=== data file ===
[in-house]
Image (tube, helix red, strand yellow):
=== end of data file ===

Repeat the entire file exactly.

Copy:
[in-house]
Image (tube, helix red, strand yellow):